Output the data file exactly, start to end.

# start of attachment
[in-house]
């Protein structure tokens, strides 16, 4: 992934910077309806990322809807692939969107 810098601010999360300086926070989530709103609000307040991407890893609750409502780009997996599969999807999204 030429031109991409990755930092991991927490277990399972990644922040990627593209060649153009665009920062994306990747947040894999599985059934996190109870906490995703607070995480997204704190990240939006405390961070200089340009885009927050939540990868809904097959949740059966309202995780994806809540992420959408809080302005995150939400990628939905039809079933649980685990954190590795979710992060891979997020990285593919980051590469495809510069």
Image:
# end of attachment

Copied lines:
[in-house]
């Protein structure tokens, strides 16, 4: 992934910077309806990322809807692939969107 810098601010999360300086926070989530709103609000307040991407890893609750409502780009997996599969999807999204 030429031109991409990755930092991991927490277990399972990644922040990627593209060649153009665009920062994306990747947040894999599985059934996190109870906490995703607070995480997204704190990240939006405390961070200089340009885009927050939540990868809904097959949740059966309202995780994806809540992420959408809080302005995150939400990628939905039809079933649980685990954190590795979710992060891979997020990285593919980051590469495809510069």
Image: